Apr 10 2014

Newsletter April 2014

Published by under Uncategorized

091011.SOFimageSea of Faith – Dunedin
Exploring Meaning in Life
Newsletter APRIL 2014

Next Meeting

Dr Taneli Kukkonen

‘Islam, faith, and theological realism’

Thursday, 24th APRIL

Highgate Church buildings,

Maori Hill

Tea and Coffee will be available
between 5.00 and 5.40 pm
Food will be available
$7 for as much as you want to eat plus rent
$4 if you come for the meeting only
The programme will start at 6 pm


We Start With…

A two minute period of silence.


From the Chair

Those who attended last month’s AGM [thank you :-) ] will know you have a small committee doing all the behind-the-scenes work for our Sea of Faith meetings. Most things run like clockwork but we need some help in two matters:
We need extra help each meeting, from 5 – 6pm, with serving and washing up. We’d like to have different people helping each month, so please do offer if you can. :-)
The SoF library is now without a home. The role of Librarian has a physical aspect – moving six boxes of books to and from each meeting – as well as providing spiritual and intellectual refreshment. I will discuss this vacant position at our May meeting.

A Key Diary Date

Lloyd Geering at Mornington Methodist Church on Wednesday April 16th at 7.30pm $5 contribution.

Our Next Meeting

Dr Taneli Kukkonen hails from Finland and is Senior Lecturer in Islamic Studies at the University of Otago. His principle research interests lie in the history of Islamic theology, philosophy, and mysticism. Some of us who attend U3A were extremely impressed by his address on aspects of Islam recently. Taneli will focus on ‘Islam, faith, and theological realism’ and will take questions too. Since it is school holidays, Taneli’s six-year-old son Sulevi, will be along for a rare opportunity to see his Dad in action.
Those of you who wish to look at the text ‘Black Elk Speaks’ will find this site useful.

Thoughts from a Member
Should the Sea of Faith be more outward looking?

The discussion about whether the Sea of Faith should become more outward looking and take a public stance in addressing issues is an important one and has been raised by a number of members in recent years. I would suggest that individual members of Sea of Faith are free to be as public and vocal as they wish on any number of fronts and this is already happening. However, I would strongly oppose any move towards Sea of Faith speaking out as a united voice on any matter. It may attract attention to the group but far from increasing the membership I believe many present members would leave. The reason for this is that we are a diverse group that has no set dogmas or belief systems, or common views on issues such as euthanasia, abortion or oil drilling to name a few. We exist to explore ideas of a spiritual or ethical nature together and, most importantly, members must feel free to express themselves and be listened to with respect. As has been said it is “a safe place to explore unsafe things.”
Many have been attracted to Sea of Faith over the years because they have been relieved to find a place where they are free to explore ideas amongst a group of non-judgmental and supportive people. I believe Sea of Faith will exist for as long as there is a need for such a group. As individuals we may well be moved, as a result of our involvement with the group, to take a more active role on specific issues we are passionate about. To do so in the name of Sea of Faith would destroy its very raison d’être.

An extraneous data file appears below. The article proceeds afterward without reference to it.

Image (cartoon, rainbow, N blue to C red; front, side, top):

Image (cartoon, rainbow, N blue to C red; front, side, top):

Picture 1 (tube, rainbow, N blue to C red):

Marjorie Spittle

More Equality

Pope Francis has made himself very popular with a great many Christian folk, Roman Catholic or not, as he has adopted a much more modest life-style in the Vatican than previous Popes. Pope Francis wants a “poor church for the poor” (ODT 18th March 2013). He has called for financial reform in the world economy (ODT 18th May 2013), has taken action on alleged money laundering in the Vatican (ODT 17th June 2013), said that gays must be integrated (ODT 31st July 2013), likened the Vatican court to leprosy (ODT 9th October 2013) and has removed one senior bishop in Germany for building sumptuous offices and living quarters for himself at a cost of around $60 million. Pope Francis is leading from the front and ‘walking the talk’ in a way we have seen few leaders do in recent times. This gives him enormous integrity and māna in the eyes of the world. If he keeps this up he will rank alongside Mahatma Ghandi, Martin Luther King Jr and Nelson Mandela. We can only give him our fervent hopes and good wishes for success and in whatever way we can, join in his crusade to bring about the Kingdom of Heaven into this world, now, rather than in a mythical place after we are dead.
The Archbishop of York, John Sentamu impressed many in Dunedin during his recent visit. He was outspoken on the issue of poverty and looked at poverty here under our noses as well as in the poorer parts of the world. Poverty is not just a matter of having very little money to live on, but being oppressed in any form, whether it be by bullying, family violence, lack of enfranchisement – that is a spiritual poverty which is also corrosive. In New Zealand we have two wage indicators which get regular attention in the ODT: the Minimum Wage and the Living Wage. When I read that people are asked to work for a wage that is less than the cost of living a decent life I can only think of slavery and oppression. We will have moved a long way towards a more just society and a realisation of the Kingdom of Heaven when those two indicators stand at the same level.
Alan Jackson
Newsletter Editor:
Alan Jackson
55 Evans Street
Ph: 473 6947

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